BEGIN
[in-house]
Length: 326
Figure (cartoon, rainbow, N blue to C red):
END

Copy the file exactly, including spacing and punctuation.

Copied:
[in-house]
Length: 326
Figure (cartoon, rainbow, N blue to C red):